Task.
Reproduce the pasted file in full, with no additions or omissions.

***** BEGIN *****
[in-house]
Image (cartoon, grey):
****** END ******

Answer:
[in-house]
Image (cartoon, grey):